Saturday, June 22, 2019

A Deeper Kind of Preparedness

"He's through cha-anges..."
My kids started watching "Big Mouth" which uses a song in which this line stuck out to me. It's been a few months at least since I last saw them watching it, but that song plays in my head a lot. It's an indicator that I'm feeling uncomfortable and awkward in dealing with things.

Yesterday I felt really full for an hour or so, and then the feeling turned into a sore stomach. That made it hard to sleep last night. I was hoping that I'd be better by this morning because I was planning to attend Toastmasters Leadership Institute. I'm home recovering instead.

It seems that I didn't digest much yesterday, so I'm pretty weak today. I've skipped my walk and extra exercise. This usually throws me off a lot more than I care to be thrown off, but I'm handling it better. I'm conserving energy by skipping exercise, but, and this is a bit new, I'm sticking to my routine otherwise.

To be prepared for things that are foreseen, you plan ahead, imagine what various things the future could hold ("foreseen," right?) and gather to yourself whatever resources will help you handle them.  How do you prepare for the unforeseen?  Such preparation is what I mean by a "deeper kind of preparedness."

It does involve some knowledge (working assumptions, I like to remember to call them), but it's mostly building a history of being spry - spry of mind and spry of body.  Having a "mind like water" seems like a good idea.  For me, this means being able to see clearly even when what you see is troubling, threatening, scary, or otherwise encourages us to look through filters.  It helps to remember that the truth, whatever it is, will ultimately be the best information to use as a guide.

Contrast this with "cognitive dissonance" which preserves a person's world-view in the face of evidence that suggests that world-view is wrong.  For me, the dissonance comes from our natural assumptions that A) our perception is accurate, and B) our interpretation is mostly correct.  One of those things has to be wrong if the evidence suggests our world-view is wrong.  It's okay.  "The Truth is Out There."  Consider yourself to be on a cooperative journey toward truth.  It's a journey in which you will keep honing your world-view.  That will be alarming to people who know you, but if you inspire them to join in the cooperative search for truth, their alarms will fade out.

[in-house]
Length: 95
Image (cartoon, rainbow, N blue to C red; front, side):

The way I better handle my day being thrown off track by skipping exercise (or any other change to my normal routine) is to find something which acts as an adequate replacement given the conditions that broke my routine.  My "exercise" this morning was healing my gut. I've been doing it since last night when I got up to see if drinking a lot of cold water or throwing up might help.  I drank the water, but I couldn't hurl.  I had the confidence to try, though, and the faith in my body and in the evolution that produced it that allows the placebo effect to become a real thing.  Believing you can handle anything makes handling everything a little easier.

When you break, you can heal into something stronger.  When you fail, you could learn something that will improve your life far more than succeeding.  Look for the silver lining.  For scientific support, consider that you're the product of evolution, and that means you're more prepared for everything than most creatures that ever lived.  For personal evidence, remember that last time you wanted things to be different, you made changes, and now they are different.  It's not a pattern you ever lose, at least not as long as you're still alive. We already enjoy a deeper level of preparedness, and you can enhance that preparedness, or you can cower and ignore it.

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